Searching over 5,500,000 cases.

Buy This Entire Record For $7.95

Official citation and/or docket number and footnotes (if any) for this case available with purchase.

Learn more about what you receive with purchase of this case.

Rachel Younger v. Zurich American Insurance Company


March 26, 2012



Plaintiff Rachel Younger brought this suit after UBS Financial Services, Inc. denied her a death benefit under its employee benefits plan. Plaintiff brings three claims that seek the payment of benefits under UBS's employee benefits plan. The first relies on the terms of the plan as currently written, the second seeks reformation of the plan, and the third alleges a breach of fiduciary duty. Defendants move to dismiss the Second and Third Claims, arguing that both are duplicative of the First Claim for monetary benefits.

The motion is denied.


The following facts are drawn from plaintiff's amended complaint and are assumed to be true for purposes of this motion.

The Parties

Plaintiff is the mother of Nathaniel Younger, a deceased former employee of UBS. Plaintiff is the administrator of her son's estate.

UBS is a global financial services institution that operates an employee benefit plan for its employees. Zurich American Insurance Company is the insurance company that serves as claims administrator under UBS's employee benefit plan.

The Dispute

On or about December 2, 2008, Younger died in Jersey City, New Jersey. The Jersey City Registrar's Office issued a Death Certificate indicating that the "Manner of Death" was "Accident." The New Jersey State Medical Examiner's Office determined that the cause of death was "acute cocaine and alcohol toxicity," and that the manner of death was "Accidental."

As an employee of UBS, Younger was a party to two insurance policies issued by defendants. These policies were issued as part of UBS's employee benefits plan and are governed by the Employee Retirement Income Security Act ("ERISA"), 29 USCS §§ 1002 et seq. The first was a business travel accident insurance policy, numbered GTU 3514164, which would provide coverage of up to ten times the amount of the employee's base earnings or salary in the event of his death. The second policy was a policy of personal accident insurance, numbered GTU 3514165. It provided for $100,000 in the event of death. Younger did not name a beneficiary under either of these policies and thus the default beneficiary was his estate.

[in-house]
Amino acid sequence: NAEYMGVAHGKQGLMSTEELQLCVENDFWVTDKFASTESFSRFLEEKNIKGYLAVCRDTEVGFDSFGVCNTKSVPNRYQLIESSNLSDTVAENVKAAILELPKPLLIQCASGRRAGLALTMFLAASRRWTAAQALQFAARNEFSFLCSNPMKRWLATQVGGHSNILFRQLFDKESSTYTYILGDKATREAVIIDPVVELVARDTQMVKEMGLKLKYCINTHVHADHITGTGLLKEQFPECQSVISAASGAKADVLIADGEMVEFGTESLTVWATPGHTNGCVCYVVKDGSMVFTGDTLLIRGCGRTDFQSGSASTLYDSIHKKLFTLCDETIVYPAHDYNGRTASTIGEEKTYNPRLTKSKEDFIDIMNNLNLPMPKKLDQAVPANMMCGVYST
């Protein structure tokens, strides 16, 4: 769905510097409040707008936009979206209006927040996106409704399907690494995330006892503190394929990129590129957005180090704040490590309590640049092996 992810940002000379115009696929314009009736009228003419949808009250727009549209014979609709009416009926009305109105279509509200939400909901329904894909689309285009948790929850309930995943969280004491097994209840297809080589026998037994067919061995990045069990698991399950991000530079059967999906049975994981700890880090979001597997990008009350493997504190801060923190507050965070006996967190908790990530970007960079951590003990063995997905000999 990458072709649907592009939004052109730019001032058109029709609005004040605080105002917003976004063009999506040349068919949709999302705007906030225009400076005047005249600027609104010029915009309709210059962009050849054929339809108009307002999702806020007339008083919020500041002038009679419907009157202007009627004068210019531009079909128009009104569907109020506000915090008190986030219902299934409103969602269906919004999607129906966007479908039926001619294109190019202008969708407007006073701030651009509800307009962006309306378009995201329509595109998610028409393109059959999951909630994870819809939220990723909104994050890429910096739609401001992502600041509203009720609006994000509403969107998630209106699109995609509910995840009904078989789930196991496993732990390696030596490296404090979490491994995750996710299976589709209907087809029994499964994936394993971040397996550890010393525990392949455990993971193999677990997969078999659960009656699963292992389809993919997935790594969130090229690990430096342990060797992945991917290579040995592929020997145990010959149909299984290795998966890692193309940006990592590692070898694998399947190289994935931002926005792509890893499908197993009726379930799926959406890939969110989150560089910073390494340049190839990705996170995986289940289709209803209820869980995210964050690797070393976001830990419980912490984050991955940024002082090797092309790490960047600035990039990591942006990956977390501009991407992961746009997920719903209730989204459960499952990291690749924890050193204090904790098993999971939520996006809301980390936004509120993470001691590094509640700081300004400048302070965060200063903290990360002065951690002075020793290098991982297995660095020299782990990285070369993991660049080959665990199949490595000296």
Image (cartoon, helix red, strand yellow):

After Younger's death, plaintiff, as administrator of Younger's estate, submitted claims for benefits under both insurance policies. Zurich American denied these claims on the grounds that there was an exclusion or limitation in the policies for "Suicide, attempted suicide, or a purposeful self-inflicted wound" (the "suicide exclusion"). Plaintiff appealed this determination.

In its July 7, 2010 affirmation of the denial of Younger's benefits, the Review Committee relied not only on the suicide exclusion, but also on another exclusion for losses "caused by, contributed to or resulting from . . . the Covered Person's participation in the commission or attempted commission of a felony" (the "felony exclusion"). The Review Committee determined that possession of cocaine was a felony under New Jersey law, and that Younger's death resulted from that felony.

Although the exclusion for losses caused by participation in the commission of a felony is in the personal accident insurance policy, plaintiff claims that such an exclusion does not exist in the business travel accident insurance policy.

The Summary Plan Description ("SPD"), which is a summary of plan terms that is given to all UBS employees who are covered by its employee benefits plan, did not mention an exclusion of benefits for losses caused by participation in the commission of a felony.

Plaintiff appealed the Review Board's decision. She then received a letter from Claims Manager Ivette Cruz, affirming the denial of both of her claims.

The Claims

Plaintiff's First Claim requests judicial review of the denial of her benefits. She requests $473,000 under the business travel accident insurance policy and $100,000 under the personal accident insurance policy. Defendants do not seek dismissal of this claim.

Plaintiff's Second Claim is for reformation or other equitable relief. Plaintiff claims that her son was advised by defendants that there were only limited exclusions applicable in its employee benefits plan and that defendants never disclosed the exclusion for participation in a felony. Plaintiff asks that the court reform either or both insurance policies to remove the exclusion.

Plaintiff's Third Claim is for breach of fiduciary duty. Plaintiff argues that by failing to provide an accurate SPD, defendants misled Younger and breached the fiduciary duties they owe him under ERISA.